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During the past century, Hong Kong has undergone progressive transformation from a fishing village to an entrepot, an industrial base and today an international financial centre. Reclamation has been a means to provide land to meet various economic, transport, housing and social needs of the community of Hong Kong. With the changing aspirations of the community, there have been increasing concerns over further reclamation and strong calls from various community groups for active steps to protect the Harbour. Harbour reclamation has been the subject of several litigations over the past years which leads to the establishment of the overriding public need test by the Court of Final Appeal (CFA) on 9 January 2004.

2. The Government fully appreciates the public sentiments to protect and preserve the Victoria Harbour, which is an invaluable natural asset of the people of Hong Kong. As a result, initial plans for reclamation such as those in Kowloon Point and Tsim Sha Tsui were dropped. The reclamation extent of the Central Reclamation Phase III (CRIII) had been reduced from the original planned 32 hectares to 18 hectares. In October 2003, the Government announced the cancellation of more proposed reclamation plans. These include the ones at Tsuen Wan Bay and off Green Islands on Hong Kong Island West.

3. The Government has made public pledges repeatedly that apart from the current CRIII, the Wan Chai Development Phase II (WDII) and the Southeast Kowloon Development (SEKD), there will be no more reclamation within the Harbour in future. In the light of the CFA judgment on reclamation, the Government has undertaken to comprehensively review the WDII and SEKD to ensure full compliance with the requirements of the Protection of the Harbour Ordinance (PHO) and the CFA judgment.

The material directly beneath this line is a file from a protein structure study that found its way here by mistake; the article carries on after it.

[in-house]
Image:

4. In response to the community's aspirations for a common platform to discuss the planning and development of the harbour-front, the Harbour-front Enhancement Committee (HEC) was established in May 2004 to advise the Secretary for Housing, Planning and Lands on the planning, land uses and developments along the existing and new harbour-front of Victoria Harbour. The HEC concluded its six years of service on 28 February 2010 and is succeeded by the Harbourfront Commission (HC) established on 1 July 2010. For further details on the HC, please visit the website of the Harbourfront Commission.

5. The Government agrees that the Victoria Harbour should be protected and preserved as a special public asset and a natural heritage of Hong Kong people. We will abide by the PHO and the CFA's judgment on reclamation. Our goal is to return the harbour to the people for their use and enjoyment. We want our harbour to be a harbour for the people and a harbour of life, easily accessible for the enjoyment of all. We look forward to working in close partnership with the HC to actively engage the community to make this vision come true.

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